Provide the general solution of Eq. 2 without any approximation;

Minimize the computing errors Equation 6 is a first order linear differential equa- tion with constant coefficients the solution of which is [33]:

YðtÞ ¼

t

Yðt 0 Þe x 2 ðt t 0 Þ þ e x 2 ðt t 0 Þ Z

t 0

ZðuÞe x 2 ðt 0 uÞ du

(7)

The function Z(t) can be a general form and with- out any additional hypothesis, it is difficult to precise the properties of the system described by such an application. Therefore, we have to assume some hy- pothesis for which the representation may have more

flexible mathematical forms. Equation 7 is a physi-

cally-acceptable solution of Eq. 6 if Y(t) has to be fi- nite for each t and has to converge when t goes to in-

finity. With Eq. 7, we add the following hypothesis: the interactions energy fluctuation-dissipation; matter fluctuation-energy fluctuation, and energy dissipation- matter fluctuation vary linearly. For t 0 5 0, Eq. 7 becomes:

t

YðtÞ ¼ Yð0Þe x 2 t þ e x 2 t Z ZðuÞe x 2 u du

0

Which satisfies the causality.

(8)

Correlation Z(t) To have the solution given by Eq. 8, one has to determine Z(t). In this article Z(t) will be considered as the dependence factor between the fluctuation

and the dissipation. To determine this factor, we have to answer the following questions:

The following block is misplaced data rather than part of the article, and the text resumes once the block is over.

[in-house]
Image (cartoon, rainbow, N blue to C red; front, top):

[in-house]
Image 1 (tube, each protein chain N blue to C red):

How to determine correctly the sense of the stud- ied dependence? Does it exist a dependence between the studied variables and how do we measure the degree of such a link? How to obtain the correct form of the depend-

ence Z on n or t which enables in the given case, to quantify the influence of Z on n and to formu-

late the imposed conclusions? [34].

The study by applying a statistical probabilistic one described here has confirmed the hypothesis of an influence of the fluctuations on the adsorption speed. In the isotherm case, Z is function of n and n is function of t so that Z 5 Z(t), the function Z defines the deep link between fluctuation of matter and energy dissipation. This implies that n(t) is a ran- dom variable as many noncontrollable phenomena may affect its values. Z is a random variable too and since Z is function of n, the problem consists in determining the correlation between Z and the time t. The deduction of the corresponding empirical equation which links both variables can be split into two steps: